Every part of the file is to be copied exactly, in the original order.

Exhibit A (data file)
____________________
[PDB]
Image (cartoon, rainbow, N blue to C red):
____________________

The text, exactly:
[PDB]
Image (cartoon, rainbow, N blue to C red):